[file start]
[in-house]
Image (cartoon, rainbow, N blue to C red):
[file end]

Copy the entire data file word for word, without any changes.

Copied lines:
[in-house]
Image (cartoon, rainbow, N blue to C red):